Solution to nuclear waste storage needed
To the Editor:
It was theoretically possible that a 9.0 earthquake and tsunami might hit Japan. Engineers did not and do not design for theoretical possibilities. Unfortunately, a reality surfaced resulting in an unplanned nuclear event. A 9.0 earthquake and tsunami struck the Fukushima Daiichi power plant causing engineer-designed fail-safe systems to fail.
There are no fail-safe systems designed or in place for any of America's 121 temporary nuclear waste storage sites located in the 39 states that accumulate spent nuclear fuel and other radioactive waste material. It is theoretically possible that a tornado might touch down at one of these locations causing an unplanned nuclear event. To avoid a potential catastrophe, this nuclear waste must be permanently stored.
A fee of one mill, that's one tenth of one penny per kilowatt-hour of nuclear-generated electricity is collected specifically to permanently store nuclear waste. It's included in your electric bill. Approximately $750 million is accumulated annually. The current total in the government's specific, unique bank account for permanently storing nuclear waste is close to $25 billion, growing, and waiting to be spent by the Department of Energy (DOE). DOE, however, cannot spend the money without Congressional authorization.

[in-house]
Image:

Congress needs to take action to permanently store the 60,000 metric tons of U.S. commercial, used nuclear fuel accumulated over the past 35 years, as well as the 13,000 metric tons the U.S. government has generated. Permanently storing old nuclear waste should be a fait accompli before Congress embarks on any new nuclear program. If the Congress can't demonstrate that it is taking care of today's nuclear waste, how can it assure the American people that tomorrow's new nuclear generated waste can be adequately protected?
I cannot overstate the need for a permanent nuclear repository in America.